Genre – Rock – Hippie Folk Rock

Tea for the Tillerman Is an Album We Are Clearly Obsessed With

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TEA FOR THE TILLERMAN is an album we admit to being obsessed with — just look at the number of commentaries we’ve written about it.

We love the album and we hope you do too. If you have some time on your hands — maybe a bit too much time on your hands — please feel free to check out our commentaries. 

TRACK LISTING

Side One

Where Do the Children Play?

Hard Headed Woman

This is a song that has evolved dramatically over the last 20 years. If you’ve been making regular upgrades to your equipment and taking advantage of all the new technologies available at the front end, such as: vibration control, electromagnetic stabilization, better arms, better cartridges, better phono stages, better motors, fly wheels, Synchronous Drive Systems, better power cords, better power conditioning, to name just a few, you are no doubt able to reproduce this song much better than you were in the old days. I used to think that Cat’s voice got hard and harsh when he got loud on the passage that starts with “I know…many fine feathered friends…”. Now he gets even louder, the drums are much more powerful, and yet he still sounds like a real person, not an overdriven recording of one.

Modern front ends, properly tweaked and set up, can handle the kind of energy found on this song in a way that wasn’t possible before. I like to say that if your turntable is more than 5 years old and you haven’t done much to your front end since then, you are living in the vinyl stone age. There have been a number of revolutions in the area of LP playback, not the least of which are the cleaning fluids we tout so obsessively, all of which have allowed us to reproduce familiar records in a startlingly realistic way never before possible.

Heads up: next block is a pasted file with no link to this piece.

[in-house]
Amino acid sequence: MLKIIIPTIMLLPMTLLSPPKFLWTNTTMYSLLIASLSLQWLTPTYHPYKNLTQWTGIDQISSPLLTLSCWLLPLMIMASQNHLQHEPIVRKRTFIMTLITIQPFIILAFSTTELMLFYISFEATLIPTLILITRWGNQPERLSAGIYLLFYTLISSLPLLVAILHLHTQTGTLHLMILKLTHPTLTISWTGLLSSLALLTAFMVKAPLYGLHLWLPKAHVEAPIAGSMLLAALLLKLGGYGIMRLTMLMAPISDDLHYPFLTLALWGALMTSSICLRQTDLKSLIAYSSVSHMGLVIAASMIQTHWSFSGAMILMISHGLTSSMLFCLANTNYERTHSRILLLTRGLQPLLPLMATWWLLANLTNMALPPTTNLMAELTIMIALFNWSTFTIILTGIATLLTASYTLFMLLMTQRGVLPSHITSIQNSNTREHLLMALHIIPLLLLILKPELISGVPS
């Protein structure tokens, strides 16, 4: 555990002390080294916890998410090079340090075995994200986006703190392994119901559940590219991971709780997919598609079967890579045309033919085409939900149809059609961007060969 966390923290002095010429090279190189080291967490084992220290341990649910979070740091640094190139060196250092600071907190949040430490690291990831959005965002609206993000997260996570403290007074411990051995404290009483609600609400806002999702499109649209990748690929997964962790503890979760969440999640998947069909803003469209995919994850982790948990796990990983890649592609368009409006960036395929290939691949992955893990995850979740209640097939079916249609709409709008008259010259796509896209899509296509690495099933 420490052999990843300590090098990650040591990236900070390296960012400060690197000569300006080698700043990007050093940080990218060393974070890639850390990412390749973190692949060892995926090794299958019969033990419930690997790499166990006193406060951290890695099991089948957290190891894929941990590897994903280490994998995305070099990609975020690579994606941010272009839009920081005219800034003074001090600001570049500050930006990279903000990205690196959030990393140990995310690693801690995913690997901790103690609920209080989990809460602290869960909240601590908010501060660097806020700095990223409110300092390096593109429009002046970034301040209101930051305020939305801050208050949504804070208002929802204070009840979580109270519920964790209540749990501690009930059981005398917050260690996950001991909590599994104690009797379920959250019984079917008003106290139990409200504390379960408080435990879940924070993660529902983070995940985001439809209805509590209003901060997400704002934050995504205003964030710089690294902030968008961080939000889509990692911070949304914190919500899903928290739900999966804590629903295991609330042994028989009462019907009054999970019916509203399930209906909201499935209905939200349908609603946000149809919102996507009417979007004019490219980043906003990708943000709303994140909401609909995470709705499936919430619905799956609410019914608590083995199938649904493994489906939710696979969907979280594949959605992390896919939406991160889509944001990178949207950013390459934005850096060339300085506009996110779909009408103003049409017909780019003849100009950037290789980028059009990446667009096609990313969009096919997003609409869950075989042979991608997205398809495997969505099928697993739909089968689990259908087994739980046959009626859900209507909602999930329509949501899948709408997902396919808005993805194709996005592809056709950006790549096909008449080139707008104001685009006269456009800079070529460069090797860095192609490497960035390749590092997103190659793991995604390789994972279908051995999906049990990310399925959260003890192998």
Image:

Wild World
Sad Lisa
Miles from Nowhere

Side Two

But I Might Die Tonight
Longer Boats

Into White

With this song, you hear into the music on the best copies as if you were seeing the live musicians before you. The violinist is also a key element. He’s very far back in the studio. When he’s back where he should be, but the sound of the wood of his violin and the rosin on the strings is still clearly audible, without any brightness or edginess to artificially create those details, you know you are hearing the real thing.

On the Road to Find Out
Father and Son
Tea for the Tillerman

AMG Review

Tea for the Tillerman was the story of a young man’s search for spiritual meaning in a soulless class society he found abhorrent. He hadn’t yet reached his destination, but he was confident he was going in the right direction, traveling at his own, unhurried pace. The album’s rejection of contemporary life and its yearning for something more struck a chord with listeners in an era in which traditional verities had been shaken. It didn’t hurt, of course, that Stevens had lost none of his ability to craft a catchy pop melody; the album may have been full of angst, but it wasn’t hard to sing along to. As a result, Tea for the Tillerman became a big seller and, for the second time in four years, its creator became a pop star.

America’s Wonderful Debut from 1971

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  • An outstanding early pressing with superb Double Plus (A++) sound from start to finish